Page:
Being a child from the hard places is difficult. So is being that child’s sibling. Adopting a child from the hard places is a marathon. Separating your life from someone else’s after 35 years is difficult. Divorce is hard on all kids. On adopted kids that have already experienced great losses, it is beyond hard.

Hard. Difficult. Today those seem like inadequate words to me. As always, there are better days and days that never seem to end. In recent weeks, I have had enough better days to keep me going. I hit the wall yesterday and it felt like I couldn’t take another step. I woke up this morning and the wall was still there. It is still there. Hope is struggling. Not new struggles, I know. After 55 months, the broken places are still broken. The pain she feels inside is still there. Sometimes her ear hurts, sometimes her throat hurts. Sometimes it is a rash that burns all over. You can’t see the rash or treat it, but the pain is real. Reality.

The Dad and I are miles apart on most things. There are fleeting moments when our bond pops back, but they burn, a lot like Hope’s rash yesterday. He went to send an honest, if unpleasant, message to one of his women friends. Only he sent it to me. He realized he sent it to me at the same time I read it and laughed. But information he assumed was driving events was information I didn’t even have until I read it in his text. When my brain caught up with it the laughter turned to tears. These days I just let the tears fall. There is nothing gained by fighting them or really even fighting him anymore. What broke will never be whole again. I feel a little more of what Hope feels. It doesn’t make me any better at meeting Hope’s needs.

I am torn between what I want and what I think is best. I truly decided to divorce over a 48 hour span of time back in November. My plans were to take full custody of GB and let The Dad take full custody of Hope and try to figure out how to maintain ties with the other parent. GB so needs the routine without Hope’s frequent meltdowns. I am tempted by the call of the quiet. Each rage Hope has brings flashbacks of MK during adolescence. As Hope grows older and stronger the resemblance between now and then increases. I do not physically restrain Hope. I can’t keep either of us safe. She still kicks, hits, and throws and occasionally bites. A few weeks ago Hope threatened me with a knife. Trying to talk to her about it triggered a three hour rage. Trying to address it with her therapist present the next day just triggered her again.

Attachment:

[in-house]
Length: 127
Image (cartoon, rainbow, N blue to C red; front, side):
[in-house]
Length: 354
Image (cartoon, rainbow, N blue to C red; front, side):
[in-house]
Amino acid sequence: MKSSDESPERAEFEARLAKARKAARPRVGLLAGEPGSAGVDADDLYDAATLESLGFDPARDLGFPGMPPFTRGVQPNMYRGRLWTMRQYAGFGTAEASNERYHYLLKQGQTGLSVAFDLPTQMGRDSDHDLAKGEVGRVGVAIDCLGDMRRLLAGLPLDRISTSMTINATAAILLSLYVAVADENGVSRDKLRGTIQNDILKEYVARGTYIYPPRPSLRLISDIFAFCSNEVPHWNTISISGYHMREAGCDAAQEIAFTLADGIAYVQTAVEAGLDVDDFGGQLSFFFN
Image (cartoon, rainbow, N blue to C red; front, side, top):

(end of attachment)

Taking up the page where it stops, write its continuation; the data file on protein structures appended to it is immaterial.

I reread the last paragraph and I know most people reading it would wonder why I would even contemplate the possibility of raising Hope by myself. The Dad loves her beyond words and can still keep her physically safe. If I knew that would be enough it would be a done deal. But I don’t. The Dad wants so much for Hope to heal that reality gets lost. If GB gets physical- and these days she does- The Dad not only notices it but makes note of it. He noticed Hope was physical this morning, but that doesn’t mean Hope’s therapist will hear about it during tomorrow’s appointment. And the fact that Hope was physical with him after school yesterday, before she somewhat regulated, was never even noticed. And that scares me. Hope is entering puberty even though she is not ten yet. The world no longer sees a little girl. When she rages, it carries a physical threat that wasn’t so blatant when she was 42 lbs. Up until this point the school has been focused on approaching Hope successfully by avoiding her triggers, such as the word “no” or asking her to redo work correctly. She has spent an extra year in the primary program to solidify her feelings of success. She will be in the intermediate class next year and the focus changes to her being able to meet the demands of school. She still loses it 2 or 3 times a week in the primary class. I can’t imagine what the intermediate class will bring. Stealing is an issue that has not had effort focused on it because the rages are still so significant. All of which begs the question “What makes you think you can do any better?” Honestly, I don’t know that I can.

What I can do is see what is happening and accurately report it. Since we first adopted Hope, The Dad has seen saving Hope as one of his primary missons in life. Since he retired 2 years ago, successfully parenting Hope is how he identifies his worth. I don’t know what successfully parenting Hope looks like. I am sure that my experiences with MK color my fears of the challenges Hope will have in the coming years. But after 35 years of parenting children from the hard places, I know that neither wishing things better nor denying what is happening does the child any good. I know I want more for Hope, no matter how hard or difficult. I just wish I had more answers.

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